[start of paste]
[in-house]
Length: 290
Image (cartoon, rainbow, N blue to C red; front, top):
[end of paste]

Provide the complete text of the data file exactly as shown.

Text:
[in-house]
Length: 290
Image (cartoon, rainbow, N blue to C red; front, top):